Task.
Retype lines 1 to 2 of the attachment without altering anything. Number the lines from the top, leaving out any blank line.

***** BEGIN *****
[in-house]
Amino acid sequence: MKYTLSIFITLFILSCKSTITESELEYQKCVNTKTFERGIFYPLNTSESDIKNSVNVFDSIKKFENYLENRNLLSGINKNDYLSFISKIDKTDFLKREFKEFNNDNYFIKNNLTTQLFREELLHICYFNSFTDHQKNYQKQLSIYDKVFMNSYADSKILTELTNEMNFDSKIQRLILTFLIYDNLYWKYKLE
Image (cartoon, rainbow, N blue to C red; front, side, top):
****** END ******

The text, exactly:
[in-house]
Amino acid sequence: MKYTLSIFITLFILSCKSTITESELEYQKCVNTKTFERGIFYPLNTSESDIKNSVNVFDSIKKFENYLENRNLLSGINKNDYLSFISKIDKTDFLKREFKEFNNDNYFIKNNLTTQLFREELLHICYFNSFTDHQKNYQKQLSIYDKVFMNSYADSKILTELTNEMNFDSKIQRLILTFLIYDNLYWKYKLE